Anyone looking to escape the bleak, grey drizzle this fall may find refuge at the Vancouver Art Gallery’s newest exhibit, which features crisp large-scale photographs of sun-dappled gardens and green spaces.
The showing of more than 60 works by photographer and Vancouver native Scott McFarland opens on Saturday and runs until Jan. 3.
The artist’s landscapes are composites of numerous photos, stitched together to create large-scale images of, among other places, farms, botanical gardens, zoos and country meadows.
McFarland said he creates the images by putting his camera on a tripod, which he rotates slowly, taking many photos at the same location over long periods — sometimes up to months or years.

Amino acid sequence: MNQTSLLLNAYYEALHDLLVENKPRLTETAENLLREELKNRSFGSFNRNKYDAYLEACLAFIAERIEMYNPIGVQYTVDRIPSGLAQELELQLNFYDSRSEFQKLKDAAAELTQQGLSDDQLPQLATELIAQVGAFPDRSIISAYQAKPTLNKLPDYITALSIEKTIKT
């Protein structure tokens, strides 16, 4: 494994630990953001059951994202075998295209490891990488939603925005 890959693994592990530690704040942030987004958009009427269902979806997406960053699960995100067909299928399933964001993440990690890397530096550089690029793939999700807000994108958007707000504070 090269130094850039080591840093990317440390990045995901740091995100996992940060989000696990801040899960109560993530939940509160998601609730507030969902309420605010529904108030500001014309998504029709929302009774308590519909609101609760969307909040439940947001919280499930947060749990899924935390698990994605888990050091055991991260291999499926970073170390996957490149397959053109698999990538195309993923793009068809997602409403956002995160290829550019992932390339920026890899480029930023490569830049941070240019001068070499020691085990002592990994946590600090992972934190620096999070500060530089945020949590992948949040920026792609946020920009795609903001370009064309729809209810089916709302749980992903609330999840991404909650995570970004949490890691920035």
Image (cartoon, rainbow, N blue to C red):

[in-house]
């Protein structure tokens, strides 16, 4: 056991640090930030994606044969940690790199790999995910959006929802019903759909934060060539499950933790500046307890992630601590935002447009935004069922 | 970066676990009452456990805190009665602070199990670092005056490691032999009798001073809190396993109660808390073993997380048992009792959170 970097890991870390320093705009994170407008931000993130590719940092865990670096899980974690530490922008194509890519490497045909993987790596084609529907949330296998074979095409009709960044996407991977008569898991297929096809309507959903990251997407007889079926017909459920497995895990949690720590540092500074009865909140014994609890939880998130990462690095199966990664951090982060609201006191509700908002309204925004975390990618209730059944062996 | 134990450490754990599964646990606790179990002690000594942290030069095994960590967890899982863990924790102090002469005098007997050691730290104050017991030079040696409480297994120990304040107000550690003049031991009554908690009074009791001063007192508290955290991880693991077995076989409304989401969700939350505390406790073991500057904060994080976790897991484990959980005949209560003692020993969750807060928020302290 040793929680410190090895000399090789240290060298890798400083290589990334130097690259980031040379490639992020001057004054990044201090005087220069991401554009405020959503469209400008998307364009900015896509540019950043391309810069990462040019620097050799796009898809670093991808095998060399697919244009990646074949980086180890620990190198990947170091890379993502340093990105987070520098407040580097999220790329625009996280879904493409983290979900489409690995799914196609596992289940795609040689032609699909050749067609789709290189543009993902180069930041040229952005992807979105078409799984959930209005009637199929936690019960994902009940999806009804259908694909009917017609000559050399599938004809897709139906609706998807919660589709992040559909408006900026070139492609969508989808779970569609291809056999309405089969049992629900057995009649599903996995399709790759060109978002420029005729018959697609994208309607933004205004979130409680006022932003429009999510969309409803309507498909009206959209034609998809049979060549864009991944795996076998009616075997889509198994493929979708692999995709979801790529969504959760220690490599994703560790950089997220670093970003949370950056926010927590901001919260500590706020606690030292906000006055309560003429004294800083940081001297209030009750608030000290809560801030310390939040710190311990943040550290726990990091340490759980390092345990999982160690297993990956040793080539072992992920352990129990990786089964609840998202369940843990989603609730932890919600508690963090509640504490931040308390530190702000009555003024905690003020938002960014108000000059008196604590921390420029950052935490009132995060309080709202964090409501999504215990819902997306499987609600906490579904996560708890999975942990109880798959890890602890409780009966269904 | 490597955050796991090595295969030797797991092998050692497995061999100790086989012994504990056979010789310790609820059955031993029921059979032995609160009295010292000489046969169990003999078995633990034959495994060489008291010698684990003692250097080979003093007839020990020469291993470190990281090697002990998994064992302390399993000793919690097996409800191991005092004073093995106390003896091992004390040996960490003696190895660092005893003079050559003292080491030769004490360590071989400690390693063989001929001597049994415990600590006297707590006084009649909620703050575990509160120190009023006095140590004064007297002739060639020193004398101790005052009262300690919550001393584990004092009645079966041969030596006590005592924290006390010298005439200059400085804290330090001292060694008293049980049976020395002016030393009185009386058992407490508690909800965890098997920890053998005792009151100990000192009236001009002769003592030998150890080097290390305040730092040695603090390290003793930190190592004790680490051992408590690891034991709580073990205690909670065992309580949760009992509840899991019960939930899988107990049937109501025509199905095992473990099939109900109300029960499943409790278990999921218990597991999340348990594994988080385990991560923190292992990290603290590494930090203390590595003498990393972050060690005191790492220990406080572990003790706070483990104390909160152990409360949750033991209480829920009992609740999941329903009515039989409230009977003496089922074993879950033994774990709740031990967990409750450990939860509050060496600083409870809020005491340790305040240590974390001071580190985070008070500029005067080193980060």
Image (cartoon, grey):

“Scott McFarland’s landscape photographs depict natural environments transformed by humans to suit their desire for leisure, rest and contemplation,” said Grant Arnold, audain curator of British Columbia Art.
By creating intentional inconsistencies, Arnold added, McFarland undermines traditional ideas of photography and how it represents the world.